DOL Issues Guidance on Wellness Programs
In 2006, the Departments of Labor, Treasury, and Health and Human Services issued final nondiscrimination regulations under the Health Insurance Portability and Accountability Act of 1996 (“HIPAA”). These regulations contain an important exception applicable to “wellness programs.” Consequently, there have been numerous questions concerning what types of arrangements constitute a wellness program and how the regulatory exception is to be applied.
Recently, the Department of Labor (“DOL”) issued a Field Assistance Bulletin on wellness programs. The Bulletin includes a checklist with tips on how to determine whether the HIPAA nondiscrimination regulations apply to particular wellness programs. The Bulletin also describes five compliance criteria.
The Bulletin reminds employers to ignore labels, because many different types of programs may constitute wellness programs, including disease management, smoking cessation, and case management programs. The DOL also noted that sometimes wellness programs are operated separately from a group health plan (e.g., an employer institutes a policy that employees who smoke will be fired), and the wellness program rules will not apply, although other laws may apply, including ERISA and the Americans with Disabilities Act.
The DOL provided examples of how employers should review all their wellness program rewards to ensure that the total reward offered under the programs is limited to 20% of the applicable cost of coverage (e.g., 20% of the cost of employee-only coverage). For example, if an employer offers a 10% discount for employees who complete a health risk assessment, a 10% discount for meeting a body mass index target, and a 10% reward for meeting a cholesterol target, this will meet the 20% limit because the 10% reward for completing the health risk assessment does not require individuals to meet a standard related to a health factor.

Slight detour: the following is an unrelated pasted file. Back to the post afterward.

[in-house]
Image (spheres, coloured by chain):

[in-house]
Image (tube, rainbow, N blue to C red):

The Bulletin also reminds employers that the requirement to make rewards available to all similarly situated individuals means that the program must offer a reasonable alternative standard. Programs may request verification, such as a statement from the individual’s physician, that a health factor makes it unreasonably difficult or medically inadvisable for the individual to satisfy or attempt to satisfy the otherwise applicable standard. The DOL also reiterates that employers must disclose the availability of a reasonable alternative standard in all materials describing the programs. The DOL also explained that the disclosure does not have to state what the reasonable alternative standard is in advance—the program may tailor the standard for each individual on a case-bycase basis. If program materials merely mention that the program is available without describing its terms, this disclosure is not required.
The Bulletin also notes that wellness programs that do not comply with the wellness program regulations may be violating both the general benefit discrimination rule, as well as the general premium discrimination rule.
In a separate Field Assistance Bulletin issued at the end of 2007, the DOL indicated that a certain wellness program structure designed to avoid compliance with the wellness program rules would not avoid such compliance requirements. In particular, the DOL explained that supplementary coverage issued by anemployer (designed to fill gaps in primary coverage such as coinsurance or deductibles) also must be nondiscriminatory or such a plan will not fit into the excepted benefits safe harbor. Among other things, supplemental coverage (e.g., Medicare supplemental coverage known as “Medigap”) must not differentiate among individuals in eligibility, benefits, or premiums based on any health factor of the individual (or any dependent of the individual).
The press reports almost daily regarding wellness programs instituted by companies in various industries. Wellness programs, moreover, are becoming more complex, with different levels of rewards for achievement of health goals (e.g., smoking cessation) and attending wellness seminars. This trend toward increased complexity and penalties for noncompliance (as opposed to just rewards for achievement of health-related goals) likely will continue as employers test various options and determine which options have the most impact on employee health and plan costs. The DOL’s issuance of the two Field Assistance Bulletins indicates that it is fully aware of the pervasiveness of wellness programs and that enforcement actions possibly may follow.